This update: The "private option" passes the Arkansas House of Representatives; The first week of former Ark. Treasurer Martha Shoffner's trial concludes; CEO of Little Rock Baptist Health System is retiring after 40 years with the company; Simmons First National Corp. will consolidate its subsidiaries into a single banking operation; Tyson wins a big contract with the US government; Mountain Valley Water is expanding after Great Range Capital acquired it; Union Pacific Corp sees positive signs in the US economy.
Four consecutive months of revenue from court fees and fines falling below projections are causing a 25 percent reduction in funding, from that revenue source, for a number of court-related entities.
The Arkansas Access to Justice Commission coordinates legal services for low-income Arkansans and is among several agencies facing budget constraints this month. The commission’s director Amy Johnson says cuts will affect some of the most vulnerable.
Hot Springs' fire chief says the fire that destroyed the Majestic Hotel was likely set by trespassers - but that the cause may never be determined because it wasn't safe to send investigators inside the building before it was torn down.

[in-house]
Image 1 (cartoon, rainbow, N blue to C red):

Fire Chief Ed Davis says investigators believe the Feb. 27 fire was likely set by either "urban explorers" or homeless people who were inside the abandoned building on a regular basis.
Davis tells The Sentinel-Record that someone may have set the fire to keep warm, not as an attempt to burn the building down.
The debate over re-authorizing funds for the private option is over for the time being and legislators are moving on to other areas of the budget. The Joint Budget Committee met Thursday afternoon to allocate surplus funding for additional projects.
The first witnesses in the bribery and extortion trial of former Arkansas Treasurer Martha Shoffner detailed Thursday how the office would make decisions about the state’s investments and how one broker came to get a disproportionate share of that business.
Shoffner is accused of taking $36,000 from bond broker Steele Stephens, in exchange for steering state business his way.
Arkansas legislative leaders are trying to whittle down a list of more than $92 million in requests to tap the state's surplus as they finalize a proposed $5 billion budget bill.
The chairmen of the Joint Budget Committee on Thursday said they hoped to release that afternoon the proposed Revenue Stabilization Act, the state's budget bill, but are still negotiating over requests to use the state's projected $126 million surplus for various one-time needs.